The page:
Tag Archives: Ballarat Field Naturalists Club

Excursion to Chepstowe, Snake Valley and Linton areas.

Excursion to Chepstowe, Snake Valley and Linton areas

Led by John and Elaine Gregurke . 5 November 2017.

By the time we reached Chepstowe the weather was warming and at lunch we sat in calm sunshine at Mag Dam Rec Reserve in Snake Valley. The wildflowers at places visited were magnificent. Our outing ended at the Memorial for the 5 fire fighters tragically killed in the 1998 bushfire near Linton – a very moving visit. Fourteen field naturalists attended the field-trip including Tony from Bendigo club.

Neville Oddie (land owner) chats with club members, with wind farm and turbines behind.

 Mr Neville Oddie (OAM and long time conservationist and Aboriginal rights activist) welcomed us and then us showed just some of the many aspects of the property that reveal his exceptional knowledge and dedication to nature conservation issues. Continue reading

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Get out and about

There are so many beautiful places to visit at the moment and we are spoilt for choice. Here are 3 photos from Bill, taken yesterday.

And a few more from his companions.

What is in a name?

Over the years there has been uncertainty in which name is correct for one of the sites we regularly visit. Do we go to Mt Beckwith or Mt Beckworth? At last night’s meeting a copy of a letter was presented that clarified the name to use. The letter written in 1988 was from Dr Jim Willis in response to Helen Burgess, one of our members.

in part it says …

My apologies for having kept you waiting nearly a month for a response to your letter of May 20th, re correa occurrence at Mt. Beckwith – I do think that ought to be accepted as the spelling, since Major Mitchell named the mount after his former military colleague, Col. Thomas Sydney Beckwith; goodness knows who subsequently mis-spelt the name “Beckworth”. Anyway, it’s a great pity that the musical aboriginal name of “Nananook” had not been retained…….

Reviewing the Flora and Fauna Guarantee Act 1988

Glossodia major Wax-lip Orchid

Glossodia major Wax-lip Orchid

The Victorian Government is reviewing the Flora and Fauna Guarantee Act 1988, a key part of Victoria’s legislative framework for the protection and management of biodiversity.

The Act’s objectives aim to conserve all of Victoria’s native plants and animals. Continue reading

Fifteen Acres Excursion

Mid-month excursion, September 2015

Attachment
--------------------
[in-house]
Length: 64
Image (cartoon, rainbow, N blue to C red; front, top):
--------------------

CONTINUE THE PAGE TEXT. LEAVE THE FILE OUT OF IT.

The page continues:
As we gathered at Fifteen Acres photographers were soon on hands and knees to capture the patches of Blunt Greenhood Pterostylis curta with its wide galea and twisted labellum. There were also clumps of Nodding Greenhood Pterostylis nutans. As we ventured further we found a few Small Spider-orchids Caladenia parva. Continue reading

Winter-flowering Orchids

Field Naturalists gathered at Dereel Hall on a fine Sunday morning.  We headed for the bush in Swanson Road to shelter from the cold wind. The sandy soil supported a woodland of Manna Gum Eucalyptus viminalis with a heathy understory. Continue reading

Gallery

Blackwood Fungi Excursion

This gallery contains 14 photos.

The Field Naturalists Club of Ballarat visited Blackwood on 7 June 2015 for their annual fungi excursion. Leader Les identified a large variety of fungi for the group. Photos: Val Hocking, Ian Ashton and Ambika Bone

Field Reports June 2015 Meeting

Elspeth  told of a large group of Pretty-mouth Fungi on Mt Hope in Wombat Forest.

Paul’s lemons have been zested again by Ring-tail Possums nibbling off only the lemon peels. Mid-May, he spied a large owl, probably a Powerful Owl judging by its wingspan as it flew away from its vantage point on a grape vine trellis post.

Continue reading

Field Reports May 2015 Meeting

Peter M sadly described finding an electrocuted Antechinus in his toaster at Enfield.

Crimson Rosellas are enjoying the apples in Margaret T’s front garden at Nerrina. Continue reading

Mt Cole Excursion

We travelled up the Main Mt Cole Road, stopping soon after entering the forest, to look at the large area that has been invaded with agapanthus. It is the largest patch I have seen in a bushland area. At the junction of Main Mt Cole Road and Camp Road we inspected Mount Cole Grevillea Grevillea montis cole growing along a graded road edge. In this wet area the forest of Eurabbie Eucalyptus globulus bicostata and Messmate E. obliqua is tall and straight. Sweet Bursaria Bursaria spinosa was a common shrub and Cut -leaf Daisy Brachyscome multifida crept through the grasses. Continue reading